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Well we've done both: drag ourselves through train wrecks, and just start over again. Initially we played on valiantly but we found that for some reason, we never quite get it together. As per our (3) fans' requests, we decided to start over from then on. Next gig, our singer showed his utter contempt of timing by coming in WAY too early on "Hound Dog", so we stopped and restarted that one. He tried to blame it on the drummer :rolleyes:

"I'm a work in progress." Micky Barnes

 

The Ross Brown Shirt World Tour

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OK, you should try and play through, but sometimes a stop is the quickest and best way to fix things.

 

It also depends on the circumstance IMHO. If it's in the first few bars then it's not such a biggie to stop. A recent example: the drummer started one song while the guitarist started another. 10 seconds' worth of playing - stop - 5 seconds of sorting it out - then start again. No problem.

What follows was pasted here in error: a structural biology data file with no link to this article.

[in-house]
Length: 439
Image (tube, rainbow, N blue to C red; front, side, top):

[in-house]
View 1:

It also depends when in the set it happens. If it's going well and you've built up some goodwill with the audience, then it's no biggie. If it happens in the first or second song then you've got more of a problem.

 

Cheers

 

Graham

www.talkingstrawberries.com - for rocking' blues, raw and fresh!
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Some starting/stopping stories (all from the same gig):

 

1.) We lost power maybe 45 seconds into our first song of the night; naturally we started over when the power came back.

 

2.) The PA (supporting vocals only) was lost on our first song of the second set, we kept playing. It kicked back on shortly thereafter.

 

3.) The singer forgot the lyrics to one song in the third set; he made them up, and we kept playing.

 

4.) We were asked to stop playing with only 1 song left in our last set after the police were called due to a fight. We finished after they left, with probably only our significant others remaining in the bar.